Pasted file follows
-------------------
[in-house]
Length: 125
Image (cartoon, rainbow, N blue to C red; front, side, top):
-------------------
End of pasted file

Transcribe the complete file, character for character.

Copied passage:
[in-house]
Length: 125
Image (cartoon, rainbow, N blue to C red; front, side, top):